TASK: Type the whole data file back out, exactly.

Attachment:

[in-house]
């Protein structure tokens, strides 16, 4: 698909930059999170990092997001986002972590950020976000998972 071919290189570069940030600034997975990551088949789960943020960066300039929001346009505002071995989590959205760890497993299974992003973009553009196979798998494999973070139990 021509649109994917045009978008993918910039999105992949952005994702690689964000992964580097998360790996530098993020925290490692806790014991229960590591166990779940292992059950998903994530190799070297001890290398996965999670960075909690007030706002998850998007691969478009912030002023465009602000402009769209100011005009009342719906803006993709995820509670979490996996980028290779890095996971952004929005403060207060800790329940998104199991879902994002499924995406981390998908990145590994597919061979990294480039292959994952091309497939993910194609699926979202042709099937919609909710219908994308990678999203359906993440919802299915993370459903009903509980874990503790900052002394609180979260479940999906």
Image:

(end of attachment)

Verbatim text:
[in-house]
């Protein structure tokens, strides 16, 4: 698909930059999170990092997001986002972590950020976000998972 071919290189570069940030600034997975990551088949789960943020960066300039929001346009505002071995989590959205760890497993299974992003973009553009196979798998494999973070139990 021509649109994917045009978008993918910039999105992949952005994702690689964000992964580097998360790996530098993020925290490692806790014991229960590591166990779940292992059950998903994530190799070297001890290398996965999670960075909690007030706002998850998007691969478009912030002023465009602000402009769209100011005009009342719906803006993709995820509670979490996996980028290779890095996971952004929005403060207060800790329940998104199991879902994002499924995406981390998908990145590994597919061979990294480039292959994952091309497939993910194609699926979202042709099937919609909710219908994308990678999203359906993440919802299915993370459903009903509980874990503790900052002394609180979260479940999906």
Image: